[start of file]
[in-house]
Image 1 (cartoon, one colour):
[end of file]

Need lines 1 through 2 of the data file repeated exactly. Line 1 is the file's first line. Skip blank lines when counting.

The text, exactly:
[in-house]
Image 1 (cartoon, one colour):